Quentin Tarantino once said, “Filmmaking is a young man’s game.” He may have been onto something there because most filmmakers, the greatest included, lose their vitality once they hit a certain age. Not Woody Allen! The icon may be 78 but he’s still going strong, churning out one new movie a year – something he’s done for 31 straight years! While not all of them have been successful, the fact that he still manages to put out highlights like Vicky Cristina Barcelona and Midnight in Paris at this point in his career is just short of miraculous.
Blue Jasmine, the septuagenarian’s 46th feature, is another one of those late career highlights. Simultaneously scathing and sympathetic towards the materialistic upper crust Manhattan culture it portrays, the movie is at its crux, a tragi-comic homage to A Streetcar Named Desire with the great Cate Blanchett taking on Tennessee Williams’ tragic Blanche DuBois.
Blanchett plays Jasmine, a 50-something Manhattan socialite who, as we learn via flashbacks, lived in a dream world awash with social gatherings, brunches, and blissful ignorance. When her cheating scumbag of a husband Hal (Alec Baldwin) gets busted for embezzling millions from his clients via a Ponzi scheme, her opulent world comes crashing down. Reduced to a Xanex-popping, panic-attack prone, blubbering chatterbox, she flees New York (and humiliation) for San Francisco to seek refuge with the only person willing to put up with her – her kind-hearted half-sister Ginger (Sally Hawkins).
Ginger, like Stella from A Streetcar Named Desire, is a sweet woman who works at a neighborhood supermarket and lives with her two children in a modest home. She may be poor but she’s happy. She’s also engaged to Chili (Bobby Cannavale), an oafish Stanley Kowalski-type whom Jasmine immediately expresses contempt for. Jasmine, who always been critical of Ginger’s taste in dating blue-collar “losers,” spares no time unleashing venom on her sister. She constantly berates Ginger for having low-self esteem and making poor life decisions even though she conveniently forgets that she’s in no position to pass judgment on anyone either.
Blanchett, who has always excelled at playing strong-headed yet emotionally troubled characters, powers the role of Jasmine with the ferocity of a hurricane. Her Jasmine is a vain and bitter woman who has spent most of her life living in a protective shell of couture. When that shell comes undone, she realizes that she’ll have to start over from scratch to get by. But she’s too much of a pampered baby to actually bother with work. Case in point – When Chili suggests she take up a job as an assistant in a doctor’s office, she scoffs off the position as peasantry. The only time she looks happy is when she meets a sweet-natured diplomat named Dwight (Peter Sarsgaard) at a party. But when he asks her about her background, she’s too embarrassed to divulge the truth.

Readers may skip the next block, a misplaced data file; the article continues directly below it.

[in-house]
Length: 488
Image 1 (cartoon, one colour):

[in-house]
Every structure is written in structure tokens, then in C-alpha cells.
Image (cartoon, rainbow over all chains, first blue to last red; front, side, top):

Although Allen isn’t portraying a rosy picture of Jasmine and the type of lifestyle she represents, he doesn’t exactly vilify her either. He makes us sympathize with her plight when she has to deal with the weird advances of a nebbish doctor (Michael Stuhlberg) at the office she ends up working at, as well as the daft patients she has to deal with. He gives her comments about Ginger’s choice in men some validity when Chili rears his ugly side. Its credit to Blanchett’s blistering performance that Jasmine comes off as someone that is both, likeable and despicable, as well as funny, sad, pathetic and tragic. Even if she does and says horrible things, the Australian actress makes her likeable enough that we laugh instead of seethe at her.
His work with Blanchett may be the star of the show but Allen, who has built a reputation as an actor’s director over the course of his career, also brings out the best in his supporting cast. Hawkins is absolutely heartbreaking as the impulsive, jovial Ginger who is never able to catch a break in life. Cannavale is equally impressive as Chili who constantly butts heads with Jasmine. But unlike Stanley Kowalski, there’s a warmth to Chili that Allen is careful to highlight. Even Andrew Dice Clay, who looks like he’s finally out of movie jail for The Adventures of Ford Fairlane, elicits pathos as one of Ginger’s ex-husbands. It’s not a large part but Clay’s work is incredibly effecting. Blue Jasmine may not elicit an immediate high like Midnight in Paris nor have the sublimity of his classic work but this is Allen mining dark and dramatic territory, albeit with comedic flourishes – the likes of which he hasn’t delved into since his magnificent 2005 thriller Match Point. Coincidentally, it’s also his best film since then.